The first day of Chinese New Year fell on Feb 15, 1942, but no one in Singapore was celebrating.
Mr Paul Cheah Thye Hong, 81, was then 11 years old. His English-speaking Hokkien family had learnt the night before that the defeated British army was going to surrender to the Japanese invaders the next day. They found out not through the radio, which few households could afford back then, but through his second brother, Thye Hean, then 22 and in the local volunteer forces. 'He came home and told us his Straits Settlement Volunteer Force was abandoning their uniforms because the British had lost. It was unthinkable,' recalls Mr Cheah.
Singapore had been part of the once-mighty British Empire for more than a century.
The Japanese takeover of the island seemed like terrible news, coming after two months of bombings that saw Mr Cheah, his parents and nine siblings scurrying to the nearest air-raid shelter, or lying flat under the longest table in their Tiong Bahru shophouse. (According to Mr Cheah, 'when a bomb explodes, you always lie flat - the killing is caused by shrapnel, not the bomb itself'.)
But the worst was yet to come. Several days after the fall of Singapore, Japanese troops rounded up all male Chinese above the age of 15 to be screened. Thye Hean was taken away and never came back.
That was how Mr Cheah's family got caught up in the infamous Sook Ching massacres (the term 'Sook Ching' comes from the Japanese word 'shukusei', meaning 'purging' or 'cleansing') which claimed up to 25,000 lives.
They were carried out by the Japanese to punish the local Chinese for ostensibly supporting China, with whom it had been at war since the 1930s.
Mr Cheah recalls: 'All my five brothers who were above 15 went for the screening. My second brother initially didn't want to go, he had a bad feeling about it. But we said, if you don't go and the neighbours squeal, the whole family will be in trouble.'
At the screening centre, a captain of the Straits Settlement Volunteer Force who was in cahoots with the Japanese identified Thye Hean. He was ordered to board a lorry with the other victims and taken to beaches and other remote areas to be bayoneted or shot.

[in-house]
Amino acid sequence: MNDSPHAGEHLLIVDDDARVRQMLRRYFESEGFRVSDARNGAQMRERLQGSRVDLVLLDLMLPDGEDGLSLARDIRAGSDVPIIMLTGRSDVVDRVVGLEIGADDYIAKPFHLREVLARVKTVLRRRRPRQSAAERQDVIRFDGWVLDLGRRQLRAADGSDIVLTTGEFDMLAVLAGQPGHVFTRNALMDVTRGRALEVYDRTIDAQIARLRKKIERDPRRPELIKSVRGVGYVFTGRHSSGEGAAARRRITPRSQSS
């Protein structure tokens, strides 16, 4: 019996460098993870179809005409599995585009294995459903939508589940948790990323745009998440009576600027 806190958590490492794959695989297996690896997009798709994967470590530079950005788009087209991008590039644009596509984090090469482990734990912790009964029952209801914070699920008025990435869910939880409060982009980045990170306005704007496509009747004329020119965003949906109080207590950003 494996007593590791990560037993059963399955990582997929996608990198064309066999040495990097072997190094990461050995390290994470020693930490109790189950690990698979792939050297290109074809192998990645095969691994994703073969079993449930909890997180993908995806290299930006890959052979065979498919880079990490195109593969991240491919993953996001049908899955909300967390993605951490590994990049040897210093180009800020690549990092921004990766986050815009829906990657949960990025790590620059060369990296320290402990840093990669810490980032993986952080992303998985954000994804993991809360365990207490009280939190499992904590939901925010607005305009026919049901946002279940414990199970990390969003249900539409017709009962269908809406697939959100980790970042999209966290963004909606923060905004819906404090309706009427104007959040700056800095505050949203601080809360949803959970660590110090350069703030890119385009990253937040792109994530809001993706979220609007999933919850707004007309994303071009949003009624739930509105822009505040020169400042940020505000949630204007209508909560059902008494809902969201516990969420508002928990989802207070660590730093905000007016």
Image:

His body was never found, but his name appears in the Kranji War Memorial honouring the war dead.
But the Cheah family had no time to grieve. Mr Cheah's father, a former businessman who was unemployed during the war, and his housewife mother had nine other children aged between eight and 24 to think about.
'We were very young then and I remember just living from day to day,' says Mr Cheah. Food and daily necessities were scarce. Apart from weekly rice rations, they grew sweet potatoes to eat.
They did what they could to earn a little money to survive. The younger children sold small quantities of cigarettes at the five-foot way in front of their shophouse. The cigarettes came from a shop in New Bridge Road that got cigarette supplies on the sly from the Japanese.
Mr Cheah became an office boy at the College of Medicine in College Road in the Outram area, which the Japanese had taken over for its bacteriology department. There he could eat beef as the Japanese were doing tests on the meat. 'But if you tried to smuggle it back for your family, you would be punished. The Japanese would string you to a tree and unleash ant nests on you,' he recalls.
After the war ended, he resumed his studies at Outram School and obtained his School Certificate, the equivalent of today's O levels.
A retired accountant, he now has three children aged between 51 and 44. His nursing officer wife of 51 years, Patricia, died 11/2 years ago.
The experience of the Japanese Occupation, he says, shaped his character and 'made me more resilient, patient, compassionate and humble'.
He adds: 'Hence, with good health, I was able to work non-stop for 50 years until I retired at the age of 68. Then I worked voluntarily for my church for eight years. In my own way, I lead a contented life.'